Carpenter presents one of his strangest and most surreal film to date and while it gets a little hard to tell whether Cane’s books are effecting reality or if we are actually watching one unfold before us and it’s taking such life that it’s characters don’t realize they’re fictional… but, maybe we’re not supposed to figure it out which, does add to it’s unsettling atmosphere. Carpenter delivers his trademark visuals supported by frequent cinematographer Gary B. Kibbe and we get glimpses of horrible things lurking in the shadows, all tentacles, eyes and teeth, much like the horrors of H.P. Lovecraft. Hobb’s End seems like a typical sleepy New England town but, Carpenter slowly reveals that there is something horribly wrong here as there is an evil underneath the Norman Rockwell exterior with it’s children blood-thirstily pursuing a frightened dog or the sweet old lady who runs the inn and keeps her frail old husband handcuffed behind the counter. When we finally meet Cane things really start to spiral into madness for Trent and Carpenter takes us on the ride with some of the most bizarre and trippiest sequences he has presented and that’s saying a lot.

Where Madness really stumbles is in some weak dialog in it’s script and in an area that Carpenter is usually strong in, casting. For characters in a John Carpenter film, I found Trent and Styles to be fairly weak… though it is not his script or they, his original characters… characters from Carpenter’s own scripts are usually memorable and strong. But, I also thought that Sam Neil and Julie Carmen, didn’t quite fit their roles properly with Carmen especially appearing very uncomfortable or unsure how to play the material. She is the weak link in the film though I don’t really feel Neill, who I am a big fan of, quite fits the role of Trent either. He just seems like he really isn’t clicking with the weird material though he is nowhere near as awkward as Carmen who is borderline annoying here. Neill at least seems to enjoy playing the ‘going mad’ part of his role while Carmen gets worse as the story gets stranger. Prochnow is the only one who seems to get what’s going on and dives in with both feet in his portrayal of the sinister Sutter Cane and Heston is a perfect fit as Arcane Publishing head Harglow. Except for a few of the supporting characters in Carpenter’s The Ward… another film not written by the master… this is one of the only Carpenter films where weak characters or miscast actors were a factor. Classic characters are Carpenter’s forte’, at least when he writes the script.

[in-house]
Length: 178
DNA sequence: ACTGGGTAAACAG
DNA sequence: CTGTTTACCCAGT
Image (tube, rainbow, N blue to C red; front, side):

Overall, In The Mouth Of Madness is a creepy, freaky, surreal film that works far more then it doesn’t. It’s his visually and conceptually most surreal film and it is very effective in both atmosphere and delivering some really cool creatures and bloody gore. Carpenter again writes a cool score, though this time with composer Jim Lang. While it’s leads don’t seem quite right for their roles, it still provides a spooky 90+ minutes that messes with your head a bit and there’s nothing wrong with that. Another Carpenter film that has garnered a bit of a cult following and as a fan of his work,  I agree this under-appreciated flick deserves it, even with it’s flaws. Also stars Bernie Casey as Trent’s boss Robinson and John Glover as an eccentric asylum employee.

3 deranged Sam Neil’s!

in the mouth of madness rating

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TOMB OF NOSTALGIA: BIG TROUBLE IN LITTLE CHINA (1986)

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BIG TROUBLE IN LITTLE CHINA (1986)

Once again director John Carpenter was ahead of his time with this spin on the type of SPFX filled supernatural/martial arts flicks that were being made as part of the revisionist Hong Kong cinema of the 80s and 90s like Zu: Warriors From The Magic Mountain (1983). Unfortunately, like his masterpiece The Thing, Big Trouble failed at the box office and would only years later be recognized and loved for the classic it is. As an avid fan of Carpenter, I was there opening night in 1986 and my friends and I loved it and immediately started quoting characters and making references, years before it got the attention it deserved. I’m proud to have championed this flick from the beginning. I had yet to see Zu, but heard enough and saw enough from the film, to know what Carpenter was doing. The Hong Kong cinema wouldn’t catch on here in the US till the early 90s and sadly it was only then when movie fans realized that Carpenter nailed the spirit and frantic fun of those movies perfectly with this deliriously entertaining flick.